Are you looking forward to a new comic book but it’s impossible for you to wait for its release before you know what we thought about it? That’s why there’s DoomRocket’s Advanced Reviews—now we assess books you can’t even buy yet. This week: ‘Eat, and Love Yourself’, out July 8 from BOOM! Box, and imprint of BOOM! Studios.

'Eat, and Love Yourself': The DoomRocket Review
Cover to ‘Eat, and Love Yourself’. Art: Sweeney Boo/BOOM! Box/BOOM! Studios


by Lauren Fernandes. Pause.

Shut your eyes, gently. Don’t crush them together. Be gentle with yourself. Breathe. Relax your shoulders, maybe roll your neck a little. Unclench your jaw. Breathe again. Deep breaths. 

Now, open your eyes and look in the mirror. What do you see? If the little mean voices in your head are chatty, if they throw a magnifying glass on every imperfection, guiding you into a fixation that sits on your chest and makes it hard to breathe while simultaneously making you feel hollow and empty, then this book is for you. If your heart rattled with too-close memories just reading that, this book is for you. 

Sweeney Boo’s Kickstarter-funded, BOOM! Studios-adopted graphic novel Eat, and Love Yourself is a story that delves into the cyclical nature of life with body dysmorphia, depression, and eating disorders. It confronts that chasm, that pervasive, consuming hollowness that is mental health struggles with a magical chocolate bar that transports you into moments of your past that demand your attention, demand self-reflection.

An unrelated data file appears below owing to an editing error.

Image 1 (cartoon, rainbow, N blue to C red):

Sweeney takes us on this journey with Mindy. Mindy is, on the surface, like a lot of mid-twentysomethings. She rocks great blue hair, big chonky glasses, and goes out for drinks or dancing with her friends. But those surface perceptions leave a lot undiscovered, and Sweeney knows it. Instead of glossing over the realities of depression, Sweeney puts a magnifying glass on how people can appear so functional even while struggling with something as intense as an eating disorder. I mean, Mindy has a job, right? She has friends, a cat, even her own place. How bad can things really be? In the telling of Mindy’s story, Sweeney spotlights the ways those closest to us can miss the monsters that become the pillars of our lives, because we are cloaked in a surface illusion of “functional.”

The opening frame is stunning, and on its own could be used to prove Sweeney is as adept with her art as she is with storytelling. Mindy sits in a packed club, the energy and noise of the vibrant, bumping crowd in stark contrast with her as she sits, nursing a coke and fries, staring into a vast abyss of happy people she can’t seem to connect with. 

Then you look closer, and you see that the crowd is made up of alternative Mindies. Happy Mindies. My heart broke. She envisions herself as a part of the lively world surrounding her, instead of separate from it. She sits, wondering what is wrong with her, why she is so disconnected, why she is overwhelmed by an emptiness so great it has become a physical thing she must carry everywhere.